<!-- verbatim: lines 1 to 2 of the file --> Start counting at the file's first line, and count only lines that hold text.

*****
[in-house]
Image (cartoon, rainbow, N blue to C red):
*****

[in-house]
Image (cartoon, rainbow, N blue to C red):